Then along comes the major part of this movie: the famous Dreyfus affair. The long and short of that scandal is this: the French army realizes there’s a spy amongst them giving information to the Germans. And without any thought or evidence, the officers accuse a general named Alfred Dreyfus, a Jew, of being the spy. There is absolutely no proof that Dreyfus is the spy, but they take that opportunity to court-martial Dreyfus and imprison him in French Guyana for being a traitor the French state.
Colonel Picquart, one of the higher-ups in the French army, finds out who the real spy is, but he’s told to keep quiet. And to get him out of the way, they send him to one of their African outposts. Meanwhile, poor Dreyfus is sitting away in a locked cell in South America, completely innocent.
The case is closed, but Mrs. Dreyfus knows that her husband is innocent. And she comes a-knocking on Zola’s door to ask for help, with clear evidence of her husband’s innocence. Zola is reluctant to give up his comfortable life, but decides to help her.
The Dreyfus affair is where the movie spends most of its time: Zola’s famous J’accuse letter, where he accuses the army officials of covering up the scandal; Zola being brought to trial for libel; Zola fleeing to England to continue his campaign to clear Dreyfus; a new administration finally admitting that they were wrong and all of the perpetrators either fleeing or committing suicide. And of course, since this is a biopic, the movie’s end comes when Emile Zola dies of carbon monoxide poisoning right before Dreyfus is brought home and exonerated. (As a side note, some believe Zola was murdered, which wouldn’t surprise me given that he made a lot of political enemies in trying to help Dreyfus. However, it’s so long ago that it’s hard to know if it was murder or not.)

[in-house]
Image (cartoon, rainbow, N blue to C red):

Overall, I found this movie very intriguing. But I knew that I would be. It has to do with French history, and I’m automatically biased toward French things anyway! However, putting away my French biases, I have to say that because this movie spends so much of its time in the Dreyfus affair, I’m not sure that the title, The Life of Emile Zola, is really the best one for this movie. We start halfway through his life and most of the movie is about his involvement in a political scandal. Maybe something like Zola and Dreyfus would have been better. Since I knew this was a biopic, I was expecting something to talk about his early life too, but that didn’t happen.
That was perhaps the only major beef that I had with this movie. Otherwise, it was well-done and certainly better paced than the previous movie! So if you’re interested in finding out about a major scandal in French history and the people behind it, I would recommend this film. It certainly kept me interested all throughout!
Four out of five stars
Next time: Our second “aside” for this project, and my second Errol Flynn movie ever: The Adventures of Robin Hood, which was nominated for Best Picture in 1937 but didn’t win. And since this is a favorite of Andrew’s from when he was a child, and I’ve never seen it, we’ve added it to our list!